But then y’all are good at that. Aint ya?

Not really. I’m just good at pointing out the foot that you put in your mouth yourself. You make it easy.

Posted by: LawnBoy at May 8, 2007 1:09 PM
Comment #219823

LawnBoy
The Confederate flag is a symbol for freedom for everyone. But even you are proving I never said that Blacks should view it that way.
It’s the few stupids (KKK, Nazis, etc) that miss use the Confederate flag that has caused some to see it as otherwise. That and the Liberals natural hatred of anything and anyone South of the Mason Dixon Line.
But then this thread aint about that. So I don’t even know why ya brought it up.

Posted by: Ron Brown at May 8, 2007 2:29 PM
Comment #219824

Yes, Ron. The symbol of enslavement is a symbol of freedom. Bullies should be excused from their actions because someone enraged them by telling them they shouldn’t bully.

Up is down. Black is white.

Posted by: LawnBoy at May 8, 2007 2:32 PM
Comment #219926

LawnBoy

Yeah, Yeah, Whatever.
Wouldn’t expect a liberal yankee to understand it anyway sense the brainwashing for both is so intense.

Posted by: Ron Brown at May 9, 2007 4:59 PM
Comment #219936

Gee, Ron. I point out how ridiculous your arguments are, and you respond with name-calling and ad hominem attacks. Thanks.

Maybe it’s not “anything and anyone South of the Mason Dixon Line” that I dislike, but instead your reliance on attacks like this when challenged?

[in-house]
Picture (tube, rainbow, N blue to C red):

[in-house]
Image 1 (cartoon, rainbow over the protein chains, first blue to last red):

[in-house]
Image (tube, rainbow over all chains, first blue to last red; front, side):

You claimed before that I “can’t rebut what’s said,” but that’s wrong. I don’t think there’s any more effective rebuttal than just repeating your words back to you. Perhaps I’m right, since your reaction was to insult me instead of trying to defend the idea that bullying is justified if someone had told the bully that the behavior was wrong, or that symbols of a culture that enslaved people is are really symbols of freedom for the descendants of the slaves.

But go ahead and hide behind Yankee-hatin’ instead of examining the mess of ideas and insults that you defend. It’s easier, right?

Posted by: LawnBoy at May 9, 2007 6:18 PM
Comment #219943
Never said the likes.

Ron,

On reflection, I realized that you’re right, you didn’t say exactly what I claimed you said. In my imperfect paraphrase, you said that black people should (but don’t necessarily need to) see the Confederate flag as a symbol of freedom. In fact, what you actually said is that they have no choice in the matter - the symbol of their families’ enslavement is a symbol of “freedom” for them.

I apologize to you that I paraphrased you from faulty memory and accidentally made your idea ever-so-slightly less offensive than it actually was.

I’ll try not to make that mistake again.

Posted by: LawnBoy at May 9, 2007 8:26 PM
Comment #220080

LawnBoy
Not EVEN worth responding to.

Posted by: Ron Brown at May 11, 2007 12:32 PM
Comment #220091

Ron,

If you don’t think your words are worth responding to when they’re repeated back to you, what do you think we think when we see them the first time?

Posted by: LawnBoy at May 11, 2007 2:48 PM
Comment #221424

Most of you people forget what the purpose of going to jail is in the first place. Even though it usually doens’t ever work, the point of going to jail is to help people adjust a person’s behavior so that they can be a productive law abiding citizen.

The other reason is to keep a person there that cannot or will not adjust their behavior, so to protect both themselves and soceity from them.

Another point to make is almost every law out there has an adjustable “punishment/recovery” time. That is why some people go to jail different lenghts of time for the same type of law broken.

Posted by: kujo at May 27, 2007 9:31 PM